New York City Your Best Tool for Learning English

If you remember from my posts last year around this time, I tend to get a bit more jovial due to the warmer days, longer sunshine periods, and pops of color coming out of hibernation from the long and dreary winter. This is the time of year that I’ll open my windows and feel inspired to clean my apartment, pull out my lighter jackets, and head back outside after months of staying in to avoid the harsh winter temperatures. If you’re anything like me, you’ll start looking for ways to get outside and enjoy the cooperative weather and also look for unique and original things to do in New York City. If you think you’re running out of ideas, think again—I’ve got you covered with a few great ideas below.

spring in new york

If you’re new to the English language as well as New York City, I’ve included ways that you can practice your English while you’re at these events so your textbook learning can extend outside the classroom. From interacting with other event-goers to wishing your friends a “Happy Spring!” you’ll be able to exercise your English vocabulary and boost your confidence so you can step out this April with a little “spring” in your step!

  1. Easter Parade – Sunday, April 1

Easter is another fun holiday celebrated all over the world, and of course, New York City is no exception. This year, the Easter parade starts at 49th Street and runs up Fifth Avenue to 57th Street. People will often come dressed in their Sunday best, as it can often be seen as “Easter Sunday Mass.” Be sure to dress warm, as this time of year can be hit or miss with warm weather! Practice your English by asking people if they went on an egg hunt or ask the children if the Easter Bunny came for a visit. It’s a jovial celebration, so you’ll be greeted with lots of smiles. Plus, don’t be surprised if you’re showered with lots of candy or goodies, as vendors on floats might gift the parade-goers with fun and seasonal treats. So “hop” on over to Fifth Avenue just before the 10 am start so you can see it all go down—and if you play your cards right, you could catch sight of the Easter Bunny himself!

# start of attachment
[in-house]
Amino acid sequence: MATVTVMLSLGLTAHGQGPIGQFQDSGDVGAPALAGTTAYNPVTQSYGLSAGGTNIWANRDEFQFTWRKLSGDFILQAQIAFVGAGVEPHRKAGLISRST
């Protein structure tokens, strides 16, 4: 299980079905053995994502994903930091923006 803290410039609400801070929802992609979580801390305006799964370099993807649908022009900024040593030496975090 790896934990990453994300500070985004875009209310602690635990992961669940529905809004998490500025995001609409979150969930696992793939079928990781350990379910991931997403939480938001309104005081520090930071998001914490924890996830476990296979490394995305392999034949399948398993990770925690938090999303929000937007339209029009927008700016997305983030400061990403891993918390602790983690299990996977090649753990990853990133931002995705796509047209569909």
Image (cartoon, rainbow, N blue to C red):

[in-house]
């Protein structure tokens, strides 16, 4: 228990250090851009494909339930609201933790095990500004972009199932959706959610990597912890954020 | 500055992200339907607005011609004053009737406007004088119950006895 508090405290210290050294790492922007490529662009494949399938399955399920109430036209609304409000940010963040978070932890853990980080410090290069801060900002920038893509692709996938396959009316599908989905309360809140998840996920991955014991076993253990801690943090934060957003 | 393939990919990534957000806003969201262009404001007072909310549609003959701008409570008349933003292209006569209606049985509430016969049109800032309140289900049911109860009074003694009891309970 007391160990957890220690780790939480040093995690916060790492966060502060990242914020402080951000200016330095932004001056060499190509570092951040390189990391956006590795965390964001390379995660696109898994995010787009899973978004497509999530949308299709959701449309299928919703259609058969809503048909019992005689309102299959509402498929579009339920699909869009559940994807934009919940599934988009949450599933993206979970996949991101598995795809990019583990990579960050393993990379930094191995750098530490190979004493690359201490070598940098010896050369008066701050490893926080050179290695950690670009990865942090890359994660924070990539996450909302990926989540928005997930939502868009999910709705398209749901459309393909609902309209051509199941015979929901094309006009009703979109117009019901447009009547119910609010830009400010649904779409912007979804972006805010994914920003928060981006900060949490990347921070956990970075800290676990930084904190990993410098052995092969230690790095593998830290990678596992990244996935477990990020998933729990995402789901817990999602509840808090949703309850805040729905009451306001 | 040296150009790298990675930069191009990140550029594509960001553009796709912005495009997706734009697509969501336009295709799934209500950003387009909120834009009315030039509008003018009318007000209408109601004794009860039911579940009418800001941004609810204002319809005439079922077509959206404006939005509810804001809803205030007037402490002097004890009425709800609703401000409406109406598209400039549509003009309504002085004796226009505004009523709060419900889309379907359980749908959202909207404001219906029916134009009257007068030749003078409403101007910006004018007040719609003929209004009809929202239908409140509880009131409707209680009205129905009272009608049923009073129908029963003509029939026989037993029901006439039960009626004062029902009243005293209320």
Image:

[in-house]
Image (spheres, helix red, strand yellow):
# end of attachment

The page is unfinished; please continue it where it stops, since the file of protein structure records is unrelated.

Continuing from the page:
1. The 9/11 Memorial 5K Run/Walk – Sunday, April 22

If you’re an active person, I highly suggest participating in this run. I ran last year, and I have to say—it was a blast, and it was also quite the humbling experience as we ran our way around the memorial. The path takes you through all over Lower Manhattan, granting you incredible sights of the city and the water. But the best part is that all proceeds benefit the National September 11 Memorial & Museum, so not only will you be getting in some great exercise, but you’ll be contributing to a wonderful cause. After the run, there are tons of food trucks, booths, and activities so that you can practice your English with these vendors. You can chat about the run, the product they’re sampling, or even the weather—it’s a great opportunity to put your English skills to use.

  1. Spring Festival – Sunday, April 29

What better way to welcome spring with an actual celebration that honors the arrival of the season? If you’re up for a quick trip to Queens, be sure to check out all the features available with this festival. Vendors will be setting up booths with food and drink, activities for the kids, like face painting, puppet shows, and even a petting zoo, and of course, tons of live music. You’ll be able to put your English social skills to great use by interacting with other attendees—help them with directions, ask others where they got their food or drink, or even say, “Happy Spring!” to others around you. The warm weather and sunshine tends to lighten everyone’s mood, so you won’t have to worry about getting any kind of dirty looks! So pull out your light spring jacket, your most stylish shades, and some comfortable walking shoes, and get ready to celebrate the arrival of spring.

If you’re new to New York City and to the English language, don’t worry about getting lost in the spring shuffle; these activities will not only gear you up for the upcoming warm season, but you’ll get plenty of English language practice.